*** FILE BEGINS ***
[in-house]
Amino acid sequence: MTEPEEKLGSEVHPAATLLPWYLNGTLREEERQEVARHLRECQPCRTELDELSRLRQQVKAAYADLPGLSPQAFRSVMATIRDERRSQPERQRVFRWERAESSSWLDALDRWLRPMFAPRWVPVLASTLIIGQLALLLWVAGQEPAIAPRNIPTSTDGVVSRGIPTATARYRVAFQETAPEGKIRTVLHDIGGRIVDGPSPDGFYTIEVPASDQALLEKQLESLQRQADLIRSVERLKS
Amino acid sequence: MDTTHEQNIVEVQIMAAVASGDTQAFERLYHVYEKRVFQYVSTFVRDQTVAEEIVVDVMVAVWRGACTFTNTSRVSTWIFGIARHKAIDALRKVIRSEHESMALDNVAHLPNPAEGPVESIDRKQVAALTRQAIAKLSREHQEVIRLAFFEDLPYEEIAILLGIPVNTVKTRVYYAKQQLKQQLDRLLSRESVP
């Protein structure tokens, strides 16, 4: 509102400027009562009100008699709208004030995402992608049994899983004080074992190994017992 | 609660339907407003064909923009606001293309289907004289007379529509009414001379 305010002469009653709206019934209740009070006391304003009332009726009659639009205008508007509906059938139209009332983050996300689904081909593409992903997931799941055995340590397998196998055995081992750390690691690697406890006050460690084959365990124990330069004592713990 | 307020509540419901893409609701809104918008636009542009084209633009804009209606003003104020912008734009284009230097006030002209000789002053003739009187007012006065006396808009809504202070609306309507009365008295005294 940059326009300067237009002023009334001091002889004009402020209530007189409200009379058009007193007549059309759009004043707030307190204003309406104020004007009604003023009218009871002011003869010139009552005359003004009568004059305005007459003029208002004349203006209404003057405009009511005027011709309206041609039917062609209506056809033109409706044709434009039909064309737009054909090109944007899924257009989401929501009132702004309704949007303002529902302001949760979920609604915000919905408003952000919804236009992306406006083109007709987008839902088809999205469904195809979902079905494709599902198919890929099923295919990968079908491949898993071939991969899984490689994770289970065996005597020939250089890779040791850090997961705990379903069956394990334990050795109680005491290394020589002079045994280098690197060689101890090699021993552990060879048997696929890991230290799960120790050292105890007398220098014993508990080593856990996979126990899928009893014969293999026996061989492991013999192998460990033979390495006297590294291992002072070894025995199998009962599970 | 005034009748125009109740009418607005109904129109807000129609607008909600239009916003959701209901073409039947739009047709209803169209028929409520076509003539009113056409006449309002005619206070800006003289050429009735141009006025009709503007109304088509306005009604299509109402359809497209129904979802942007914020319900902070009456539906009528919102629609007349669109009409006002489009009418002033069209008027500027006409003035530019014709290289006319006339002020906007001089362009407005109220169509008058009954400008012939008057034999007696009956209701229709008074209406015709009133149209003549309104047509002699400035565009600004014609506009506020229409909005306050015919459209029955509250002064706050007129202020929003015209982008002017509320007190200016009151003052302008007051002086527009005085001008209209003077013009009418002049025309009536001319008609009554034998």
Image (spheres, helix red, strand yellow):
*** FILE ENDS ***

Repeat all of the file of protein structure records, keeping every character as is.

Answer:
[in-house]
Amino acid sequence: MTEPEEKLGSEVHPAATLLPWYLNGTLREEERQEVARHLRECQPCRTELDELSRLRQQVKAAYADLPGLSPQAFRSVMATIRDERRSQPERQRVFRWERAESSSWLDALDRWLRPMFAPRWVPVLASTLIIGQLALLLWVAGQEPAIAPRNIPTSTDGVVSRGIPTATARYRVAFQETAPEGKIRTVLHDIGGRIVDGPSPDGFYTIEVPASDQALLEKQLESLQRQADLIRSVERLKS
Amino acid sequence: MDTTHEQNIVEVQIMAAVASGDTQAFERLYHVYEKRVFQYVSTFVRDQTVAEEIVVDVMVAVWRGACTFTNTSRVSTWIFGIARHKAIDALRKVIRSEHESMALDNVAHLPNPAEGPVESIDRKQVAALTRQAIAKLSREHQEVIRLAFFEDLPYEEIAILLGIPVNTVKTRVYYAKQQLKQQLDRLLSRESVP
């Protein structure tokens, strides 16, 4: 509102400027009562009100008699709208004030995402992608049994899983004080074992190994017992 | 609660339907407003064909923009606001293309289907004289007379529509009414001379 305010002469009653709206019934209740009070006391304003009332009726009659639009205008508007509906059938139209009332983050996300689904081909593409992903997931799941055995340590397998196998055995081992750390690691690697406890006050460690084959365990124990330069004592713990 | 307020509540419901893409609701809104918008636009542009084209633009804009209606003003104020912008734009284009230097006030002209000789002053003739009187007012006065006396808009809504202070609306309507009365008295005294 940059326009300067237009002023009334001091002889004009402020209530007189409200009379058009007193007549059309759009004043707030307190204003309406104020004007009604003023009218009871002011003869010139009552005359003004009568004059305005007459003029208002004349203006209404003057405009009511005027011709309206041609039917062609209506056809033109409706044709434009039909064309737009054909090109944007899924257009989401929501009132702004309704949007303002529902302001949760979920609604915000919905408003952000919804236009992306406006083109007709987008839902088809999205469904195809979902079905494709599902198919890929099923295919990968079908491949898993071939991969899984490689994770289970065996005597020939250089890779040791850090997961705990379903069956394990334990050795109680005491290394020589002079045994280098690197060689101890090699021993552990060879048997696929890991230290799960120790050292105890007398220098014993508990080593856990996979126990899928009893014969293999026996061989492991013999192998460990033979390495006297590294291992002072070894025995199998009962599970 | 005034009748125009109740009418607005109904129109807000129609607008909600239009916003959701209901073409039947739009047709209803169209028929409520076509003539009113056409006449309002005619206070800006003289050429009735141009006025009709503007109304088509306005009604299509109402359809497209129904979802942007914020319900902070009456539906009528919102629609007349669109009409006002489009009418002033069209008027500027006409003035530019014709290289006319006339002020906007001089362009407005109220169509008058009954400008012939008057034999007696009956209701229709008074209406015709009133149209003549309104047509002699400035565009600004014609506009506020229409909005306050015919459209029955509250002064706050007129202020929003015209982008002017509320007190200016009151003052302008007051002086527009005085001008209209003077013009009418002049025309009536001319008609009554034998």
Image (spheres, helix red, strand yellow):